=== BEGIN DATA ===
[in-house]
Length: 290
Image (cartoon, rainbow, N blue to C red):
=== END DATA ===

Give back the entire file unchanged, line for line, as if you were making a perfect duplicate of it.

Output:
[in-house]
Length: 290
Image (cartoon, rainbow, N blue to C red):